Our Chance to Save Net Neutrality
The fight isn’t over
From out here in the Bay Area fog, it feels pretty much impossible to keep track of all the meshuggaas going on in the nation’s capital these days. But there’s something happening in DC this week that has direct bearing on our lives, especially here in the tech capital of the world.
The US Senate —you know, the place where they think filibusters are cool — is grasping the keys to the internet, holding the power to protect fairness online. Soon, members will vote on whether to overturn the Federal Communications Commission’s recent repeal of net neutrality as part of the Congressional Review Act.
Let us wonk out for a second. You’ve probably read that the FCC recently voted to give internet service providers an amazing—and alarming—amount of control over our online lives by repealing net-neutrality rules that were put in place in 2015. It’s fair to say that free speech, competition and innovation are all at risk if they succeed in ending net-neutrality rules, which ensured that content should be treated equally online.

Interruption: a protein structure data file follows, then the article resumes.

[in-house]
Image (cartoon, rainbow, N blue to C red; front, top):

But we’ve got a secret weapon in this fight, a little thing called checks and balances. Congress can tell the FCC to go to the naughty corner and reverse its vote. The first step to making this happen will be a vote next week on a “motion of disapproval.”
This is where you come in.
All across the web this week, you’ll be seeing a lot of efforts to raise awareness about the importance of net neutrality. Mozilla is joining that action, and you can chime in here. The most impactful thing that anyone can do is call their representatives. Members of Congress pay attention when you take the time to ring.
We’re pitching in by sharing on Twitter information on six big parts of all our lives that will suck if net neutrality goes away. Have a look, and if you agree with us that the open and free web is worth protecting, take a moment to call Congress and tell them what’s on your mind.